The IATA World Air Cargo Symposium held in Shanghai on 9 March 2015. The Council participated in the Global Air Cargo Advisory Group (GACAG) meeting as an observer. The GACAG, under IATA, is composed of delegates from prominent air freight carriers, freight forwarders and shippers. The group discussed issues of mutual interest, including cargo safety, security, and documents at the meeting. The Council representatives, the Hong Kong Marine Department, Hong Kong and Shenzhen container terminal operators and freight forwarders attended a meeting with Maritime Safety Administration in Shenzhen on 12 March 2015. The central theme of the meeting was IMO Container Weighing, which is a major concern for shippers.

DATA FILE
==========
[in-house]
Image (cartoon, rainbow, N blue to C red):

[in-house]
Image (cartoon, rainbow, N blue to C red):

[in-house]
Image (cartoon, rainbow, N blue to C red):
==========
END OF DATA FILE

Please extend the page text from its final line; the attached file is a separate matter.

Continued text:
The 1st Asian Shippers’ Alliance Meeting was held in Indonesia on 17-19 March 2015. The Global Shipper Alliance, comprising Asian Shipper Alliance, European Shippers’ Council and the American Association of Exporters and Importers, has been formally established on 18 March 2015. The meeting provides a good avenue for global shippers to voice their concerns.

On 24-26 March 2015, the Intermodal Asia 2015 was held at World Expo Exhibition and Convention Centre in Shanghai. Representatives from the Hong Kong Shippers’ Council, Thai National Shipper Council and Indonesian National Shipper Council presented at the session and participated in the panel discussion. The panel addressed the specific needs and requirements of shippers in international transport regarding service levels and pricing, especially in maritime and airfreight transport as well as trade facilitation issues.